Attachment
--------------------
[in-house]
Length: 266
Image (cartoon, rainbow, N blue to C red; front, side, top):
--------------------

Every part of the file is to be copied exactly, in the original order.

[in-house]
Length: 266
Image (cartoon, rainbow, N blue to C red; front, side, top):